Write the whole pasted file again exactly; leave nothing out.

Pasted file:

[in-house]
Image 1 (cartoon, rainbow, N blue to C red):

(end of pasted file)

[in-house]
Image 1 (cartoon, rainbow, N blue to C red):